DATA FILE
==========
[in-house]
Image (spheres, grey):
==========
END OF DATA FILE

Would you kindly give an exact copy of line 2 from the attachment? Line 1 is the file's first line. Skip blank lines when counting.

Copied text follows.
Image (spheres, grey):